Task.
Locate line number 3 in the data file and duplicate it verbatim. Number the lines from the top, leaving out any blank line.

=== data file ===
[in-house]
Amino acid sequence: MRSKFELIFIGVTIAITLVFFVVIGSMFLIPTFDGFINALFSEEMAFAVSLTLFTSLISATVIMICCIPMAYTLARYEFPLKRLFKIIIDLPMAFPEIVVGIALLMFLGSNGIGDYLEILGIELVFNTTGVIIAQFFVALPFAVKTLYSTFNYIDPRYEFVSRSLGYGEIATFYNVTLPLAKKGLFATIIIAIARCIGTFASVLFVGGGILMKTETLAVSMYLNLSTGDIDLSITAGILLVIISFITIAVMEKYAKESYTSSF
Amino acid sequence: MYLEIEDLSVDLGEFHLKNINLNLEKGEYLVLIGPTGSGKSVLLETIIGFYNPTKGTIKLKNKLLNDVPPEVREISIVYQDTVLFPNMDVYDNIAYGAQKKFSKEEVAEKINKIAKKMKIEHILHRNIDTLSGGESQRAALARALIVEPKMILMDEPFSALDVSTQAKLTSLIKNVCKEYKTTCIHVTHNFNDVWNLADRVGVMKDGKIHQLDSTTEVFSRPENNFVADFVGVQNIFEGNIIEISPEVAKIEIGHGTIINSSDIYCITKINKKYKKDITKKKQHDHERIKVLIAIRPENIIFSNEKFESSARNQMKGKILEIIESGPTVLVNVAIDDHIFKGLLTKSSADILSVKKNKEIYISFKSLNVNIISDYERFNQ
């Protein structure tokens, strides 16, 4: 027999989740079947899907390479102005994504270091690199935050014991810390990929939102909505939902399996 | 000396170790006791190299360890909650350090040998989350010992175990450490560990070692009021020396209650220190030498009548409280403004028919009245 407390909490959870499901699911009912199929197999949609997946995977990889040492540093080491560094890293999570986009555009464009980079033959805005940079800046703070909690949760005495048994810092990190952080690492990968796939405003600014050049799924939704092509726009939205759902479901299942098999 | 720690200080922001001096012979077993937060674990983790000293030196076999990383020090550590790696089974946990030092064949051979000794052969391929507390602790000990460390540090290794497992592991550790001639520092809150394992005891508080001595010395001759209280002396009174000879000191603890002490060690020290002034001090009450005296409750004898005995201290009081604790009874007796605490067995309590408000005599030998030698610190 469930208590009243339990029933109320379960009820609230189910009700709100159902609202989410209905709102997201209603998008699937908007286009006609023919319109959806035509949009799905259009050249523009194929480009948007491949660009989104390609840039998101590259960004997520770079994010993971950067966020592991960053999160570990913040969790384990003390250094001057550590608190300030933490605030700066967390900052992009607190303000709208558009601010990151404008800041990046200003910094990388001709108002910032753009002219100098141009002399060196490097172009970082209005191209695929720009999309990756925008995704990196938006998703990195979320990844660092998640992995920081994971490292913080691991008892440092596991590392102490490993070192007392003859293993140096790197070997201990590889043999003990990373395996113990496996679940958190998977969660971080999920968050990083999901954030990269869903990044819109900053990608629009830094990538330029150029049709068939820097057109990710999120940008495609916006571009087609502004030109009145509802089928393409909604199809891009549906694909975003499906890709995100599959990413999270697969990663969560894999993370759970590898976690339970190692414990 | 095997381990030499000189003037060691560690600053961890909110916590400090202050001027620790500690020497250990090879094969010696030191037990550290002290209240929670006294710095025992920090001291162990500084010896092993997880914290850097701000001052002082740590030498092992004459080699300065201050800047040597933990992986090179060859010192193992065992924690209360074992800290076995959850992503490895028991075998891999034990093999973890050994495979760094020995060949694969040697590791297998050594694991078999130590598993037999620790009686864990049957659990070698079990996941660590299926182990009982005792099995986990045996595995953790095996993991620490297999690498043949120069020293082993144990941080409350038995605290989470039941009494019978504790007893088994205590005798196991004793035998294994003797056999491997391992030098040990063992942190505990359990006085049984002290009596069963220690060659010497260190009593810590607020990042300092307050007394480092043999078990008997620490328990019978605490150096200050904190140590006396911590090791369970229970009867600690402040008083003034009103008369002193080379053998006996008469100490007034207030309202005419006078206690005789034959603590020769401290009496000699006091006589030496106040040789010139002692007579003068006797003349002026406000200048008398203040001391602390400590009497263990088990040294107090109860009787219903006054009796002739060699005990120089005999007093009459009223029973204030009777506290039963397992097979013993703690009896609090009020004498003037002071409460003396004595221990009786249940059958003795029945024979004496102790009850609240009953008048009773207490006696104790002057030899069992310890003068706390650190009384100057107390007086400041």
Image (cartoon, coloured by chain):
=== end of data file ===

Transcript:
Amino acid sequence: MYLEIEDLSVDLGEFHLKNINLNLEKGEYLVLIGPTGSGKSVLLETIIGFYNPTKGTIKLKNKLLNDVPPEVREISIVYQDTVLFPNMDVYDNIAYGAQKKFSKEEVAEKINKIAKKMKIEHILHRNIDTLSGGESQRAALARALIVEPKMILMDEPFSALDVSTQAKLTSLIKNVCKEYKTTCIHVTHNFNDVWNLADRVGVMKDGKIHQLDSTTEVFSRPENNFVADFVGVQNIFEGNIIEISPEVAKIEIGHGTIINSSDIYCITKINKKYKKDITKKKQHDHERIKVLIAIRPENIIFSNEKFESSARNQMKGKILEIIESGPTVLVNVAIDDHIFKGLLTKSSADILSVKKNKEIYISFKSLNVNIISDYERFNQ